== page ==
Editorial: Romney gets in Obama's face over lies on energy
Back in September 2008 during the good ol’ days of Hopenchange, then-candidate Barack Obama gave the following instructions to one of his adoring crowds in Nevada:
“I need you to go out and talk to your friends and talk to your neighbors. I want you to talk to them whether they are independent or whether they are Republican. I want you to argue with them and get in their face.”
When it came to the issue of federal permitting for oil and gas development, Republican nominee Mitt Romney took that advice during the second presidential debate on Oct. 16 and produced one of the most compelling moments in the history of such events when he stepped across the town hall stage and peppered Obama with the facts of his disastrous energy policy.
In the town hall format, Obama was at his best. Unfortunately, Obama’s best means he’s at his most demagogic and dishonest. Throughout this campaign, about the only accurate thing that has come out of this president’s mouth is: “I’m Barack Obama and I approve this message.”
Other than that, it’s been an avalanche of lies and distortions about Romney that have unraveled in the space of just two 90-minute debates. One of his bigger whoppers has been exposed in both of them.
Obama repeated his assertion that oil and gas production has increased in the U.S. under his watch. Romney, just as he debunked that claim in the first debate, again refused to let Obama get away with it and pointed out that the increase in domestic production is entirely attributable to development on private lands, not public.
Romney correctly cited the U.S. Energy Department’s own numbers that oil production on federal lands was down 14 percent and gas production was down 11 percent in 2011. Romney also claimed that federal permits for oil and gas on and offshore have been cut in half.
“Not true, Governor,” said Obama with a typically flippant gesture.
“So how much did you cut it by?” Romney asked.
Five times, Romney asked Obama by how much he’s cut back on issuing drilling permits and leases. Finally cornered, Obama went into some nonsensical answer about “use it or lose it” that bore no resemblance to an answer.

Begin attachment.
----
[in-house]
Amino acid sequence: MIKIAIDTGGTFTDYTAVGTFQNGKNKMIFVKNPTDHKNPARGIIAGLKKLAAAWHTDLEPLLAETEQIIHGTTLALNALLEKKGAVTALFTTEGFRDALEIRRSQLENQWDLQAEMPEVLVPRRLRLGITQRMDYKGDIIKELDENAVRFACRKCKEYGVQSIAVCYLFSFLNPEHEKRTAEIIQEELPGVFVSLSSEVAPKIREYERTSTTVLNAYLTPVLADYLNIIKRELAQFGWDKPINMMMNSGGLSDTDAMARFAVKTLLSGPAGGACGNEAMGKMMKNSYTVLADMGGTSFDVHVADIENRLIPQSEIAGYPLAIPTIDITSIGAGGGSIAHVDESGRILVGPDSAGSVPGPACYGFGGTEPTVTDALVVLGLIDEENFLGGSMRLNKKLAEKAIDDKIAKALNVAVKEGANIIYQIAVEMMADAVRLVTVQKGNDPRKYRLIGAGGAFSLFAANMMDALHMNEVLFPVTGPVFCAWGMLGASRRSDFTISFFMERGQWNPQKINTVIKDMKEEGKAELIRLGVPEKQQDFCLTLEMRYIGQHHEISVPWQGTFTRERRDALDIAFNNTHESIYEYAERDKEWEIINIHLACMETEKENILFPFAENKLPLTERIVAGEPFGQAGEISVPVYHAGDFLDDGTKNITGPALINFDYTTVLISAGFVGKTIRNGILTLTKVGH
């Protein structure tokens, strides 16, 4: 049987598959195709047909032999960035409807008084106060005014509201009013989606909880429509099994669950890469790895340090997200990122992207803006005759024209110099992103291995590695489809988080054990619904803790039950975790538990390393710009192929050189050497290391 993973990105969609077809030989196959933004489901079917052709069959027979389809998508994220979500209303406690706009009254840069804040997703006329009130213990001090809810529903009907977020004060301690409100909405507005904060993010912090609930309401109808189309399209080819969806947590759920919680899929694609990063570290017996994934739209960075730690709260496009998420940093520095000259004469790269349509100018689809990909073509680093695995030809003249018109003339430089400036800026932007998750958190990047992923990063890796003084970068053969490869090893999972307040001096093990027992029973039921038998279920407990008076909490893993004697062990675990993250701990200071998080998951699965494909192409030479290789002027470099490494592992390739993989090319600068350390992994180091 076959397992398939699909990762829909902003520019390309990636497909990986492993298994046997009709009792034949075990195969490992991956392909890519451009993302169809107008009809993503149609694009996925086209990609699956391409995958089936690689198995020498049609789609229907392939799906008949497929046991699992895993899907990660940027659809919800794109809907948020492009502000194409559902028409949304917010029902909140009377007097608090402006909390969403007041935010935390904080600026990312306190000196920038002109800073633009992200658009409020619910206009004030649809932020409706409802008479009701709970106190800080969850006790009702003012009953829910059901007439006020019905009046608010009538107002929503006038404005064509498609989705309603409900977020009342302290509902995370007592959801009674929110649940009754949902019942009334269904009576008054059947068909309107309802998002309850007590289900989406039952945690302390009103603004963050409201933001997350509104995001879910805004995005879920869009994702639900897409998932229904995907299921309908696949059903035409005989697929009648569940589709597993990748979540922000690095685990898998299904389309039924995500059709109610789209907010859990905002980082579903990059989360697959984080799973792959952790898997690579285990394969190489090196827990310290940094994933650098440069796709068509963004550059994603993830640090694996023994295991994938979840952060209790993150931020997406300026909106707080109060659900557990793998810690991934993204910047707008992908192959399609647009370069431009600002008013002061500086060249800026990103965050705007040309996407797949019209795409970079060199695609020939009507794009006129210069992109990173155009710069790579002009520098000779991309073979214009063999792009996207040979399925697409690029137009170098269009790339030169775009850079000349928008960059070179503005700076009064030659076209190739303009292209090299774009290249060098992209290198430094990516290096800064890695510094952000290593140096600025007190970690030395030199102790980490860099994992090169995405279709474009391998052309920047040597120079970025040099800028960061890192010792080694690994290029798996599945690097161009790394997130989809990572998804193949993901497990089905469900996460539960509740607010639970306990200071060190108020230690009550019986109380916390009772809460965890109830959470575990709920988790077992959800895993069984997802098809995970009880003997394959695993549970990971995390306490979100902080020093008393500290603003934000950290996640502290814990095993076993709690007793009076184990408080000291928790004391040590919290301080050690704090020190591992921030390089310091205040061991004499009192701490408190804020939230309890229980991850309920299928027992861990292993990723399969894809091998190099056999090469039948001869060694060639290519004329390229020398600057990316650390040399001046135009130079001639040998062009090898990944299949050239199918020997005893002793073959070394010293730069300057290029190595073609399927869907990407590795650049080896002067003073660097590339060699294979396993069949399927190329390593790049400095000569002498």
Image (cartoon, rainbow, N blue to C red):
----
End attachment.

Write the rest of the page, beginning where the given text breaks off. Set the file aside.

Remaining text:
It’s not surprising that President You Didn’t Build That would have a hard time distinguishing the difference between public and private lands, or that he would have no shame about taking credit for energy successes he had nothing to do with.
According to a CNN fact check, federal leases are down 42 percent from President George W. Bush and drilling permits are down 37 percent. But that’s not “half,” so those objective fact checkers at CNN rated the claim as “off the mark.”
In the world of fast-and-loose political statements, I’d call Romney’s attack on Obama “close enough.”
After all, it was the Obama administration that issued illegal offshore drilling moratoriums in the Gulf of Mexico and the Alaska outercontinental shelf following the Deepwater Horizon disaster in 2010.
It is the Obama administration that refused to approve the Keystone XL pipeline, which would have created 20,000 construction jobs in the U.S. and provided hundreds of thousands of barrels of oil from a friendly and stable source.
It is the Obama administration that just withdrew half the area from the National Petroleum Reserve-Alaska and chose a plan that could prevent a pipeline from being built across the Slope from the Chukchi Sea to TAPS.
It is the Obama administration’s U.S. Army Corps of Engineers that has blown off issuing a record of decision for Point Thomson, costing the state about 1,000 construction jobs this winter.
The same Obama administration, though, from the same Interior Department that is closing off half of NPR-A, just announced a streamlined process for approving solar farms on public lands. The day of the second debate, another one of Obama’s green energy project companies, A123, filed for bankruptcy.
As Romney has pointed out more than once, you can’t run a car on wind. Obama is proving that you can run a campaign on it though.